February 1996 BISHINIK, page 7
One Choctaw version of the Great Flood is as follows:
In the far distant ages of the past, the people, whom the Great Spirit had created, became so wicked that he resolved to sweep them all from the earth, except Oklatabashih (People’s mourner) and his family, who alone did that which was good. He told Oklatabashih to build a large boat into which he should go with his family and also to take into the boat a male and female of all the animals living upon the earth.
He did as he was commanded by the Great Spirit. But as he went out in the forest to bring in the birds, he was unable to catch a pair of biskinik (sapsuckers), fitukhak (yellow hammers), and bakbak (large red-headed woodpeckers); these birds were so quick in hopping around from one side to the other of the trees upon which they clung with their sharp and strong claws, that Oklatabashih found it was impossible for him to catch them, and therefore he gave up the chase, and returned to the boat; the door closed, the rain began to fall increasing in volume for many days and nights, until thousands of people and animals perished.
Then it suddenly ceased and utter darkness covered the face of the earth for a long time, while the people and animals that still survived grouped here and there in the fearful gloom. Suddenly far in the distant north was seen a long streak of light. They believed that, amid the raging elements and the impenetrable darkness that covered the earth, the sun had lost its way and was rising in the north. All the surviving people rushed toward the seemingly rising sun, though utterly bewildered, not knowing or caring what they did. They saw, in utter despair, that it was but the mocking light that foretold how near the Oka falama was at hand, rolling like mountains on mountains piled and engulfing everything in its resistless course. All earth was at once overwhelmed in the mighty return of waters, except the great boat which, by the guidance of the Great Spirit, rode safely upon the rolling and dashing waves that covered the earth. During many moons the boat floated safely o’er the vast sea of waters.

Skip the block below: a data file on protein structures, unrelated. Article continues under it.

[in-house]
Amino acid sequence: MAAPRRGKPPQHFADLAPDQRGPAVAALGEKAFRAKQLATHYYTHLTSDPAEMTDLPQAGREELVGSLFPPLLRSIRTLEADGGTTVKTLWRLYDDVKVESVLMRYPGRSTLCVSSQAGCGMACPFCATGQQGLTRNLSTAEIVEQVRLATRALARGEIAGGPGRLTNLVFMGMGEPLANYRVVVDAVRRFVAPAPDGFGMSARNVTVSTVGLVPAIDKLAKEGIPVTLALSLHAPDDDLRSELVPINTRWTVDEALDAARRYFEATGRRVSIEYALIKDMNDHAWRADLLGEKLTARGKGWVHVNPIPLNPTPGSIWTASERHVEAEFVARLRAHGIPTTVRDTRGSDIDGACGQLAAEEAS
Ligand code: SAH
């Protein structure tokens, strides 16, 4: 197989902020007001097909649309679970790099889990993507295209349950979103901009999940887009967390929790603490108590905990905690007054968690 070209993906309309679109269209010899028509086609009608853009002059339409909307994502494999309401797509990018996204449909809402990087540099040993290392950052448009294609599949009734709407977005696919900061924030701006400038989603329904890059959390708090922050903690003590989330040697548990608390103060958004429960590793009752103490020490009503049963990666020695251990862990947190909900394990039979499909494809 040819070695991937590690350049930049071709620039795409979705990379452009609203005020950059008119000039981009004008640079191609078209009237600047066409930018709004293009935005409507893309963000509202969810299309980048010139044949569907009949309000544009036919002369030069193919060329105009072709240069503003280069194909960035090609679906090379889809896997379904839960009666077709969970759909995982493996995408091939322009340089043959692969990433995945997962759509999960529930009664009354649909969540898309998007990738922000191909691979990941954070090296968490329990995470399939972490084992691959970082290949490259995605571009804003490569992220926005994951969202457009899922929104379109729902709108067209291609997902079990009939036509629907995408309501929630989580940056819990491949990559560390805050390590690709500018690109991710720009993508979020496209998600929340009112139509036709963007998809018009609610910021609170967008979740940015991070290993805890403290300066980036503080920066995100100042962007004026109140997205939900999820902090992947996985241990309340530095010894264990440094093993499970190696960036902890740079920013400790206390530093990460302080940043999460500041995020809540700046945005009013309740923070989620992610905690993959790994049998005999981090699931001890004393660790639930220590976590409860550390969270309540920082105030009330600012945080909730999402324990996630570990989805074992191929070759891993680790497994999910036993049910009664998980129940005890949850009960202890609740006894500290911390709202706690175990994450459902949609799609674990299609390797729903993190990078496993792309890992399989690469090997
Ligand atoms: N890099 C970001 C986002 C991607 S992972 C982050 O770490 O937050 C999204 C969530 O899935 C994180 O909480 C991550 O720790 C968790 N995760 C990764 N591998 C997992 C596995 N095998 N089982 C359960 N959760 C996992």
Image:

Finally Oklatabashih sent a dove to see if any dry land could be found. She soon returned with her beak full of grass, which she had gathered from a desert island. Oklatabashih, to reward her for her discovery, mingled a little salt in her food. Soon after this the waters subsided and the dry land appeared: then the inmates of the great boat went forth to repeople another earth. But the dove, having acquired a taste for salt during her stay in the boat continued its use by finding it at the salt-licks that then abounded in many places, to which the cattle and deer also frequently resorted.
Every day after eating, she visited a salt-lick to eat a little salt to aid her digestion, which in the course of time became habitual and thus was transmitted to her offspring. In the course of years, she became a grand-mother, and took great delight in feeding and caring for her grandchildren. One day, however, after having eaten some grass seed, she unfortunately forgot to eat a little salt as usual. For this neglect, the Great Spirit punished her and her descendants by forbidding them forever the use of salt.
When she returned home that evening, her grandchildren, as usual, began to coo for their supply of salt, but their grandmother having been forbidden to give them any more, they cooed in vain. From that day to this, in memory of this lost privilege, the doves everywhere on the return of spring, still continue their cooing for salt, which they will never again be permitted to eat. Such is the ancient tradition to the Choctaws of the origin of the cooing of doves.
But the fate of the three birds who eluded capture by Oklatabashih, their tradition states: They flew high in the air at the approach of Oka falama, and as the waters rose higher and
higher, they also flew higher above the surging waves. Finally, the waters rose in near proximity to the sky, upon which they lit as their last hope (perching upside down upon the sky). Soon, to their great joy and comfort, the waters ceased to rise, and commenced to recede. But while sitting on the sky, their tails, projecting downward, were continually being drenched by the dashing spray of the surging waters below, and thus the end of their tail feathers became forked and notched, and this peculiar shape of the tails of the biskinik, fitukhak and bakbak has been transmitted to their latest posterity.
But the sagacity and skill manifested by these birds in eluding the grasp of Oklatabashih, so greatly delighted the Great Spirit that he appointed them to be forever guardian birds of the red men. Therefore these birds, and especially the biskinik, often made their appearance in their villages on the eve of a ball play; and whichever one of the three came, it twittered in happy tones its feelings of joy in anticipation of the near approach of the Choctaws’ favorite game.
But in time of war, one of these birds always appeared in the camp of a war party, to give them warning of approaching danger, by its constant chirping and hurried flitting from place to place around their camp. In many ways did these birds prove their love for and friendship to the red man, and he ever cherished them as the loved birds of his race, the remembered gift of the Great Spirit in the fateful days of the mighty Oka falama,
From: “Source Material for the Social and Ceremonial Life of the Choctaw Indians” by John R. Swanton, pages 204-205.